Prior to being selected as the Phillies’ 3rd round draft pick this year, Aaron Brown was a dominant college pitcher. In 17 starts for Pepperdine in 2014, he posted a 13-1 record along with a 1.95 ERA. Brown’s efforts at the plate were just as impressive, as he sported a .314 average with 13 homers, 49 RBI and a .908 OPS.
Citing his power and bat speed, the Phils see Brown’s highest ceiling as an offensive player. After playing roughly two months with short-season Class A Williamsport, Brown was promoted to full season A level Lakewood to close out the season with a couple weeks remaining on the schedule. Lakewood manager Greg Legg, a baseball lifer, praised Brown’s intensity and asserted that three of the hardest hits balls he saw all season were off the bat of Brown during the short time he was with the club.
In 61 games in the minors, after making his pro debut, Brown tallied a .268 average while slugging four home runs and driving in 21 runs.
Earlier this month, prior to the end of the minor league season, I spoke with Brown, who sees his own future as an outfielder, about his draft experience, how college prepared him for the pro ranks and plenty more. Read ahead for the full interview.
-What was your draft experience like this year?
It was a great experience. Just getting picked by the Phillies in the third round was pretty awesome. And then, you know, I just wanted to come out here and started learning, kind of developing as a person and as a player and so far, that’s been the experience. So, it’s been a lot of fun learning from the guys, playing with these guys as well and it’s just been a great time so far.
-Were the Phillies among teams you expected could pick you or were they a surprise?
Yeah, they were definitely on the radar. And through my advisers, I had heard a couple things from the Phillies early on and they were always one of the teams that I knew were pretty interested in me and it turned out they called my name and it worked out pretty well.
-How did you celebrate when you got the news you were selected?
Well, for me, it was practicing at TCU before super regionals. And it was a lot of fun. I heard the news, was feeling really excited for the opportunity and just went out there and spent the rest of the day with my teammates and coaches and enjoyed that last part of the college career.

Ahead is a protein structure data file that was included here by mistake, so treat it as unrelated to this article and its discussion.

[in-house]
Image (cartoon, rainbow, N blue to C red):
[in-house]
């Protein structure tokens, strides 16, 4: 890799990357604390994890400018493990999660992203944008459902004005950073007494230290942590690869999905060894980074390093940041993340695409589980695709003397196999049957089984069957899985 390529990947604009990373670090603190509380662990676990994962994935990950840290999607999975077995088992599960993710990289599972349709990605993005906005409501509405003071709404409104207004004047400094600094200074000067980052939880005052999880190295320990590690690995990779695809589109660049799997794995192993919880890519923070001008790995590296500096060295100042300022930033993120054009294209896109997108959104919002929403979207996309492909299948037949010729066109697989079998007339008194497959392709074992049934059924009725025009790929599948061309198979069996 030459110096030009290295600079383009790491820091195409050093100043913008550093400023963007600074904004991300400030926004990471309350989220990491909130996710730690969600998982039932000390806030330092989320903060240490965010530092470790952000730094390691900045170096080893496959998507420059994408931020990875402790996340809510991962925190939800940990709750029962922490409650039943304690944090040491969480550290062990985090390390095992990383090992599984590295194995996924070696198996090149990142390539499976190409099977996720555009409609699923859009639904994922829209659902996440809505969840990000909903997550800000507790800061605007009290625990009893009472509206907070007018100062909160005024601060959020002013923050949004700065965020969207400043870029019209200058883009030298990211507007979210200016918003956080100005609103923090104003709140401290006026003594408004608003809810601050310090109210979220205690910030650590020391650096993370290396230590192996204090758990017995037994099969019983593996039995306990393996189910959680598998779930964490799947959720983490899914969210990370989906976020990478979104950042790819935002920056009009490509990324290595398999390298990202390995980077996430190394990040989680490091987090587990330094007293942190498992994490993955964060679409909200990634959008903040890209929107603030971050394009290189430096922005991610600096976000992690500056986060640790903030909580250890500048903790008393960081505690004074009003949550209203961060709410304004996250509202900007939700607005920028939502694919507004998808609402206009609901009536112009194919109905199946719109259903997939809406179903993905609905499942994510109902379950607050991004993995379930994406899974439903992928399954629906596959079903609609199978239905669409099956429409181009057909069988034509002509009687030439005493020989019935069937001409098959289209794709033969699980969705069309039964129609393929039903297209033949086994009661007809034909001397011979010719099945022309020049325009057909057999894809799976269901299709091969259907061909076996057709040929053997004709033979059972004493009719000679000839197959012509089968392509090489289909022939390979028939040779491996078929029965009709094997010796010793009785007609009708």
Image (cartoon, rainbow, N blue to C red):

-How did playing at Pepperdine prepare you for a career in the pro ranks?
It prepared me very well. That’s a great program out of southern California. The coaching staff there did a very good job of allowing me to develop as a player and, you know, just teaching me the game, the ins and outs, and I felt very prepared to come out here and compete.
-What thoughts can you share about your half season playing in Williamsport and Lakewood?
Williamsport was a great place, honestly. Just going out there and having that fan base to start, they get between 2,000 and 3,000 a game, that was a great atmosphere. I had fun there in my first couple months of pro ball, and had the opportunity to come up (to Lakewood) and play in front of 5,000 people every night is pretty sweet as well. Playing (in Lakewood) is just another step up and is part of the journey. It’s been a great experience thus far.
-You mentioned your coaches in college helping you. What can you share about the coaches you’ve encountered with the Phillies thus far?
They’ve been awesome. Just very open and honest with me, allowing me to work on some things and giving me a couple tips here and there and a lot of it is the mental side of the game. Everyone here has the physical ability and the talent. But, you’ve got to understand the mental side of the game and that’s where I’ve been growing the most.
-When was the first time you thought to yourself that you could possibly have a career as a professional baseball player?
Out of high school, when I was being talked to by some of the pro teams, I thought, ‘Okay, this is an opportunity in front of me’, so I knew that if I put my time towards it and really focused on it that I would have an opportunity. And the dream has always been to play pro ball and now, I’m here and I’m working towards it and it’s been a very really experience.
-If you were asked to scout yourself, what would you say?
Very aggressive player. Loves to try to make plays. You know, just 110% all the time. Goes out, plays hard every day, loves the game, has a passion for it. That’s what I would tell you.
-What players did you admire before turning pro and were they pitchers or offensive guys?
I’ve always been a fan of Josh Hamilton, Albert Pujols and just recently Mike Trout, as he’s been proving what he can do at the big league level. Those are guys I admire and I try to model my game after and try to watch them and learn from them too. Those are definitely some of the guys.
I do watch Mike Trout a lot, his swing and the way he plays the outfield and I pick up things here and there and kind of make it a part of my own game. Watching him has allowed me to be a better player.